Seeking to find the fastest way to the Olympics? Now travelers going to Brazil for the worldwide competitions can get directions via beacons.

Rio de Janeiro’s Galeão International Airport recently launched a mobile app and beacons to aid the travelers headed to the city for the Summer Olympic Games, which run Aug. 5-21.

Beacons are small pieces of hardware that can determine a traveler’s location via Bluetooth. In order for beacons to work, a traveler has to download the RIOgaleão Airport app and turn on the Bluetooth feature on her smartphone.

The RIOgaleão Airport deployed 3,000 beacons across its 100,000-square-meter building, says Alexandre Villeroy, chief information officer at RIOgaleão Airport. The beacons work in conjunction with the mobile app to give travelers turn-by-turn directions around the airport.

A traveler can pull up the map in the airport app and type in a destination, such as Starbucks, or his flight number, and the app will show the traveler on the map the best path to take to get to his destination and list out directions.


Typically, 45,000 travelers navigate through the RIOgaleão Airport each day. During the Olympics, the airport expects that number to double, to 90,000 passengers, Villeroy says.

Besides indoor navigation, other features in the app include the ability to pay for airport parking, track flight status, a place to provide airport feedback, and integration with Google maps to look up how long it will take to get to the airport and then receive directions.

While the Olympics spurred the airport to deploy this technology, RIOgaleão plans to keep the system in place afterward as well, Villeroy says.

After the summer games, the airport plans to launch an app update that will integrate with other apps, such as airline apps. This way, the airport can offer a more connected experience for the traveler, Villeroy says.  For example, travelers could receive their mobile boarding passes via the airport app. The airport is also hoping to add a PayPal button in the app for a quick checkout, as right now consumers have to store a credit card in the app if they want to use it to pay for parking.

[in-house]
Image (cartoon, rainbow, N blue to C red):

“The idea is to find functionality to make the application something you can keep on your phone, not just something you will download and use one time,” he says.


Eventually, the airport would like to send smartphone alerts to travelers via the app as well. This will help build a relationship with passengers, which is one of the airport’s goals, Villeroy says.

The airport does not have any use goals for the app, Villeroy says. Since few airports have deployed apps and beacons, he doesn’t have a benchmark for success, he says.

The app is available in Portuguese, the dominant language in Rio de Janerio, and English, which many international travelers speak, Villeroy says. RIOgaleão is letting travelers know about the app via social media, local events and in-airport signs, he says.

RIOgaleão Airport started working on the app last December and it installed the beacons about two months ago, Villeroy says. The airport used mobile technology vendor Aruba, a Hewlett Packard Enterprise company, and consultancy firm Accenture Digital for this deployment.

He would not say how much the airport invested in the app and beacon deployment. For comparison, Orlando International Airport launched an app and deployed 1,200 beacons with Aruba at a cost of about $500,000. Villeroy did say that over the next 24 years, the airport plans to invest $5.2 billion in the airport, $2 billion of which will be invested by the time of the Olympic Games for construction, technology and infrastructure upgrades.